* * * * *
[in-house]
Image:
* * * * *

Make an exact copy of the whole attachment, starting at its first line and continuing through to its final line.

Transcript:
[in-house]
Image: